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So I'm using cocoahttpserver in my iphone application. I have the webserver working. But for now I need to identify my ip address and port number before an outside browser can access anything I create.

I would like to have my users connect via a human readable domain name. Even a domain name w/ the port appended would be acceptable.

I'm given to understand Bonjour allows for some degree of domain name resolution via mDNS. Is it even possible to use Bonjour to come to some solution here? I've been trying for some time, but I am running into a myriad of problems. Am I spinning my wheels? It does seem strange that temporary domain name resolution is possible. Any documentation, tutorials, or advice would be greatly appreciated. Thank you.

EDIT: Editing to be more clear, I apologize. I only require LOCALIZED domain name resolution. Doing it on a global scale would be folly for obvious reasons. But my app's need will not extend beyond a single wireless router.

EDIT: Unfortunately my question has not yet been answered. Here is another reference. Perhaps I didn't make my question clear enough originally. If anyone has advice on best practices to clean up a question, please let me know via comment.

EDIT: This question does not seem to be of value. My true problem seems to lie in the cocoahttpserver implementation of Bonjour and mdns. It seems this problem can be solved, but it is fairly difficult and advanced, which made it hard for me to phrase the question. When I get the rep, I'll recommend this question for removal. Thank you to all who tried to help.

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Unless you are running it on a jailbroken device, I am not sure how feasible it is to run an http server inside your application -- when the app goes into background your server will not be available for long. What exactly is it that you want to do? – Chaitanya Gupta Aug 28 '11 at 4:08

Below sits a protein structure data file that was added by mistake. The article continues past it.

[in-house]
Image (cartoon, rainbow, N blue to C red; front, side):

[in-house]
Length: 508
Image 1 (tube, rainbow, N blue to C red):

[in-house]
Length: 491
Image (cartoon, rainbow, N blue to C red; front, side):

There are plenty of scenarios where an open app w/ a web server would be beneficial, but no persistence is necessary. Currently I'm playing w/ creating an http file server. But in terms of making it usable by non-technical folk, a human readable domain is a necessity. I know far too many users frightened away when I pass them an ip address based url. – decoy Aug 28 '11 at 4:16

It sounds like you're looking for a dynamic DNS client for iPhone. A couple quick Google searches turned up these:



List of dynamic DNS providers:

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I've looked into dynamic dns. It's an option for sure. But a little overkill for what I need. The only users connecting will by on the same wifi connection. Meaning we never have to leave the local ip address area. Not to mention that in some cases your routers will need to be setup to forward requests through to the device. – decoy Aug 28 '11 at 4:23

Technically, you can; and here is a related video.

The idea is that hosting a domain would need a static IP address. A static IP addresses needs to be assigned by your ISP, or a dynamic ISP provider.

As long as you can bind one particular IP address to your iPhone, every kind of application/web hosting can be done.

Note, your iPhone will have to stick in once place to keep the same IP address.. If you move around between different WiFi spots for example, your IP address will constantly change making the hosted website or service unreachable.

Advise: Forget about it :)

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Well in this case, only those on the same wifi would be connecting. So if we could do localized domain name resolution, then I would be set. Unfortunately this kind of goes against the concept of the DNS system. I was hoping that mDNS would be an addendum to that system for exactly this purpose. But I'm just having trouble finding a succinct description for it when it comes to the http and www protocols. – decoy Aug 28 '11 at 4:25

If it's feasible, you could set up your own domain server, put the iPhone's IP address in that, and have the local machines refer to that DNS server first. Of course, I suspect you don't have an local servers of any description -- that's why you'd be using your iPhone, of all things, as a server; if so, you'd have to fall back on one of the dynamic DNS solutions alberge mentioned or just hand-edit the /etc/hosts file on every local machine.

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unless you've set all the systems to use the router as their DNS, and the router is set to use your ISP's DNS servers. Some DHCP configurations may do just that. In that case, you only need to edit the hosts on the router... – ssube Aug 28 '11 at 8:27
You seem to be right. Without a dedicated local DNS server, I'm kind of stuck. I was hoping mDNS had a work around for this, even if it was only for Bonjour enabled devices and only on the local network. My predicament now is finding documentation to prove this to my team. While I trust the users of stackoverflow, my team is still going to expect hard documentation pointing to this not being a part of the mDNS or Bonjour protocols. And I'm having trouble finding it. :( – decoy Aug 28 '11 at 15:10

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